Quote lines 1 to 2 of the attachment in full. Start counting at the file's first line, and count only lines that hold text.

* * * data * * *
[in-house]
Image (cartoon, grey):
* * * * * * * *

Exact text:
[in-house]
Image (cartoon, grey):